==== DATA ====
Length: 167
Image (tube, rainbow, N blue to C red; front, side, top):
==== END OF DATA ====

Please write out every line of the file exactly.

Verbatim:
Length: 167
Image (tube, rainbow, N blue to C red; front, side, top):